You have surely heard someone say, “An apple a day will keep the doctor away.” We all know good nutrition and physical exercise are very important to our health, but more recently we have been reading about the value of exercising our minds to help prevent Alzheimer’s disease and dementia. Some of the phrases that are being used include staying cognitively active, participating in social engagement, etc.
Fortunately, our library system is here to help us keep our brains in tip-top shape. The library subscribes to dozens of databases that contain a gold mine of intellectually-stimulating information and activities. I challenge you to visit at least one of our databases a day for a month. I believe that, at the end of that month, you will be hooked on databases. To see what we have available, go to www.metrolibrary.org and click on Research. You will be taken to an alphabetical listing of databases.
Access Video On Demand
Most people do enjoy watching a little television now and then, but it is getting harder and harder to find anything worthwhile to watch. Some people cannot afford cable, and that adds to the problem. Our library has stepped in to help us out by subscribing to a database called Access Video On Demand where we can watch videos from dozens of national and international news and education sources that cover such topics as business, geography, health and wellness, history, science, and more. The videos are divided into 35 broad subjects that you can browse, or you can do a keyword search for narrower subjects that might appeal to you. I enjoyed a video called Knife Skills. No, it wasn’t about knife throwing, but about the best ways to pare and slice fruits and vegetables. Now I can prepare a bell pepper in seconds instead of minutes.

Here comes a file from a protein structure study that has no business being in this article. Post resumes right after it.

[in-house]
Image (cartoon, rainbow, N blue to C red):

According to a news article from National Geographic, even if you don’t learn a second language until after middle age, learning one can still help stave off dementia. Certainly, joining a language class would include the benefits of social engagement, but if you can’t or don’t want to do that, you can still learn new languages using the library’s Mango Languages database. Mango lets you choose from 71 different languages and takes you, step-by-step, through the lessons. You might want to try Spanish, French, or German, or you might be interested in learning Pirate, so you can play pirate games with your grandchildren.
When I read an article about preventing dementia, one of the activities that is almost always mentioned is reading. Most people enjoy reading, but it is sometimes difficult to decide either which books to read or in what order to read them. Get up close and personal with NoveList Plus, and you won’t have that difficulty any more. You can search for books by author, title, keyword, and series. If your search brings up an item in a series, you can click the series link in the book summary, and it will bring up all the books in the series in the order in which you should read them. NoveList Plus will also show a list of books that are similar to the one you have chosen. It has a host of other helpful readers-advisory offerings. It is my most-frequently consulted database for helping customers find something to read, and I use it from home as well.
Hobbies & Crafts
Pursuing a hobby is another activity that can be beneficial to your brain, and we also have a database for that. Hobbies & Crafts is full of ideas, instruction, and articles about almost every kind of hobby you can imagine. Granted, some of the outdoor hobbies are more for the young and the careless, but others are suitable for one’s more careful years. You might like to try geocaching, bird watching, camping, gardening, or photography. The more traditional hobbies, such as needlecrafts, art, music and dancing are also well represented. This database gives you access to a whole library of articles from books, magazines, and other sources. Click on Indoor Recreation and then Social Games to see almost 5,000 articles about playing games. I was especially interested in the cooperative games versus competitive games. They sound like just what the doctor ordered.